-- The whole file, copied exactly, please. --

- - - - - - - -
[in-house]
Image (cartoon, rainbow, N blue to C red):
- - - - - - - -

[in-house]
Image (cartoon, rainbow, N blue to C red):